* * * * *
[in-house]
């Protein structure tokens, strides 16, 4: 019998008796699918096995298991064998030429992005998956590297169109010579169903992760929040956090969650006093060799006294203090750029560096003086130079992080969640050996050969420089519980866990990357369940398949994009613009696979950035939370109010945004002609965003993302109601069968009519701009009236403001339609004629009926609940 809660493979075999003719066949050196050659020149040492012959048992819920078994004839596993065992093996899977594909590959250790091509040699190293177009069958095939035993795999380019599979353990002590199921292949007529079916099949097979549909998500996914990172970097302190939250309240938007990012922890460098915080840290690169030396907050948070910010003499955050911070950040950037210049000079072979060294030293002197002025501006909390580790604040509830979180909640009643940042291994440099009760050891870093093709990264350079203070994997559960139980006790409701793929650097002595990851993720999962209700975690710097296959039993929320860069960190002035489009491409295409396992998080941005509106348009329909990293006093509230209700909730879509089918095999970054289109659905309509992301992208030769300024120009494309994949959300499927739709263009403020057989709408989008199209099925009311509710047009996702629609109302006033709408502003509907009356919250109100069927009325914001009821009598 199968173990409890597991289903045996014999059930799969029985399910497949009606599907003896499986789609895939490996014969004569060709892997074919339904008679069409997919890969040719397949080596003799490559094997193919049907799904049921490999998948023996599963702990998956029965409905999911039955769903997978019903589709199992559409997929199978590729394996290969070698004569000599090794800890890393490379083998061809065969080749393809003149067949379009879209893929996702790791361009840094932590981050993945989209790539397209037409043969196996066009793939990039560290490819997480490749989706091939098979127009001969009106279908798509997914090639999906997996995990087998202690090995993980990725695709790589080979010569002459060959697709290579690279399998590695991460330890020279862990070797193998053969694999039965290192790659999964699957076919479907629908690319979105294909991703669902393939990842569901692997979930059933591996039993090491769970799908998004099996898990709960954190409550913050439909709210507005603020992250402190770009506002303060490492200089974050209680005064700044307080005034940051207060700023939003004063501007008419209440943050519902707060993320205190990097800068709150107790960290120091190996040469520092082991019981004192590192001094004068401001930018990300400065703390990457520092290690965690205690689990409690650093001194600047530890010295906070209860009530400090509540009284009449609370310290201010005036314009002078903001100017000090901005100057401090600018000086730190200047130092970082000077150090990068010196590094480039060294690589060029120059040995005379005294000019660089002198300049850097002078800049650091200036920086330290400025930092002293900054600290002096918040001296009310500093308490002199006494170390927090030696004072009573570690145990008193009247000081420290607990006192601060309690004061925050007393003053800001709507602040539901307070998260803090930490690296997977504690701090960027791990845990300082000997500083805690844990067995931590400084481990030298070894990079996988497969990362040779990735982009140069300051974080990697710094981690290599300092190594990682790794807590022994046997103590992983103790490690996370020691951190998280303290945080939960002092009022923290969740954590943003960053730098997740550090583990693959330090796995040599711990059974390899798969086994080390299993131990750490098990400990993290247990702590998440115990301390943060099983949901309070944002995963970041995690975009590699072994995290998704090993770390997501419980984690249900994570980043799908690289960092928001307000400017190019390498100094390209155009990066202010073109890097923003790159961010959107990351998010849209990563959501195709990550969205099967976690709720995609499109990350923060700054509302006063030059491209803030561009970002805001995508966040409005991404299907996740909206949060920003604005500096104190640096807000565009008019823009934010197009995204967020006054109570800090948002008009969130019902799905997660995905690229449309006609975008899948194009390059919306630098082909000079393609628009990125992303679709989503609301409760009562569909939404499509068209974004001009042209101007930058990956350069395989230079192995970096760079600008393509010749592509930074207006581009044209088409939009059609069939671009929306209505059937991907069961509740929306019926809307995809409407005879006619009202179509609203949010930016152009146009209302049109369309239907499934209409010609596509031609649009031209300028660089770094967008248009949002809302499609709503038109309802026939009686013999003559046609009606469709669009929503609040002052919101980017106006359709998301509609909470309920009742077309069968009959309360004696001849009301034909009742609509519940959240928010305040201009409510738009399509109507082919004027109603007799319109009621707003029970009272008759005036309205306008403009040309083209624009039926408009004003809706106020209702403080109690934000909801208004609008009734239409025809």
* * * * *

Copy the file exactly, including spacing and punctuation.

[in-house]
């Protein structure tokens, strides 16, 4: 019998008796699918096995298991064998030429992005998956590297169109010579169903992760929040956090969650006093060799006294203090750029560096003086130079992080969640050996050969420089519980866990990357369940398949994009613009696979950035939370109010945004002609965003993302109601069968009519701009009236403001339609004629009926609940 809660493979075999003719066949050196050659020149040492012959048992819920078994004839596993065992093996899977594909590959250790091509040699190293177009069958095939035993795999380019599979353990002590199921292949007529079916099949097979549909998500996914990172970097302190939250309240938007990012922890460098915080840290690169030396907050948070910010003499955050911070950040950037210049000079072979060294030293002197002025501006909390580790604040509830979180909640009643940042291994440099009760050891870093093709990264350079203070994997559960139980006790409701793929650097002595990851993720999962209700975690710097296959039993929320860069960190002035489009491409295409396992998080941005509106348009329909990293006093509230209700909730879509089918095999970054289109659905309509992301992208030769300024120009494309994949959300499927739709263009403020057989709408989008199209099925009311509710047009996702629609109302006033709408502003509907009356919250109100069927009325914001009821009598 199968173990409890597991289903045996014999059930799969029985399910497949009606599907003896499986789609895939490996014969004569060709892997074919339904008679069409997919890969040719397949080596003799490559094997193919049907799904049921490999998948023996599963702990998956029965409905999911039955769903997978019903589709199992559409997929199978590729394996290969070698004569000599090794800890890393490379083998061809065969080749393809003149067949379009879209893929996702790791361009840094932590981050993945989209790539397209037409043969196996066009793939990039560290490819997480490749989706091939098979127009001969009106279908798509997914090639999906997996995990087998202690090995993980990725695709790589080979010569002459060959697709290579690279399998590695991460330890020279862990070797193998053969694999039965290192790659999964699957076919479907629908690319979105294909991703669902393939990842569901692997979930059933591996039993090491769970799908998004099996898990709960954190409550913050439909709210507005603020992250402190770009506002303060490492200089974050209680005064700044307080005034940051207060700023939003004063501007008419209440943050519902707060993320205190990097800068709150107790960290120091190996040469520092082991019981004192590192001094004068401001930018990300400065703390990457520092290690965690205690689990409690650093001194600047530890010295906070209860009530400090509540009284009449609370310290201010005036314009002078903001100017000090901005100057401090600018000086730190200047130092970082000077150090990068010196590094480039060294690589060029120059040995005379005294000019660089002198300049850097002078800049650091200036920086330290400025930092002293900054600290002096918040001296009310500093308490002199006494170390927090030696004072009573570690145990008193009247000081420290607990006192601060309690004061925050007393003053800001709507602040539901307070998260803090930490690296997977504690701090960027791990845990300082000997500083805690844990067995931590400084481990030298070894990079996988497969990362040779990735982009140069300051974080990697710094981690290599300092190594990682790794807590022994046997103590992983103790490690996370020691951190998280303290945080939960002092009022923290969740954590943003960053730098997740550090583990693959330090796995040599711990059974390899798969086994080390299993131990750490098990400990993290247990702590998440115990301390943060099983949901309070944002995963970041995690975009590699072994995290998704090993770390997501419980984690249900994570980043799908690289960092928001307000400017190019390498100094390209155009990066202010073109890097923003790159961010959107990351998010849209990563959501195709990550969205099967976690709720995609499109990350923060700054509302006063030059491209803030561009970002805001995508966040409005991404299907996740909206949060920003604005500096104190640096807000565009008019823009934010197009995204967020006054109570800090948002008009969130019902799905997660995905690229449309006609975008899948194009390059919306630098082909000079393609628009990125992303679709989503609301409760009562569909939404499509068209974004001009042209101007930058990956350069395989230079192995970096760079600008393509010749592509930074207006581009044209088409939009059609069939671009929306209505059937991907069961509740929306019926809307995809409407005879006619009202179509609203949010930016152009146009209302049109369309239907499934209409010609596509031609649009031209300028660089770094967008248009949002809302499609709503038109309802026939009686013999003559046609009606469709669009929503609040002052919101980017106006359709998301509609909470309920009742077309069968009959309360004696001849009301034909009742609509519940959240928010305040201009409510738009399509109507082919004027109603007799319109009621707003029970009272008759005036309205306008403009040309083209624009039926408009004003809706106020209702403080109690934000909801208004609008009734239409025809």